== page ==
Canned Food Spoilage

\r\n Canning is a method of preserving food in which the food contents are processed and sealed in an airtight container.  Canning provides shelf life typically ranging from one to five years, although under specific circumstances it can be much longer A freeze-dried canned product, such as canned dried lentils, , could last as long as 30 years in an edible state. Leakage is the most common cause of microbiological spoilage in canned foods.  Spoilage in canned foods by leakage can be caused by a variety of microorganisms that do not normally survive the heat treatment.  These microorganisms usually enter at the start of cooling through a faulty seam and produce a swelled can. Thermoanaerobacterium with the production of large quantities of H2 and CO2 gases, and causing sour fermentation at high temperatures in medium‐acid canned foods. Some species of spore‐forming psychrophilic bacteria have the ability to spoil refrigerated canned foods with production of gas, off‐flavors, and odors. The most important chemical spoilage of canned foods is the hydrogen swelling. Spoilage in these products does occur as a result of:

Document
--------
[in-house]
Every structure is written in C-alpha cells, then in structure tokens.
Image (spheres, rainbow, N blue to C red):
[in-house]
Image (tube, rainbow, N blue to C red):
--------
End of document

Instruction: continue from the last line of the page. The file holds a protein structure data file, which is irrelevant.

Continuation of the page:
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\r\n 1.   Preprocess spoilage

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\r\n 2.   Inadequate processing

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\r\n 3.   Post-processing contamination

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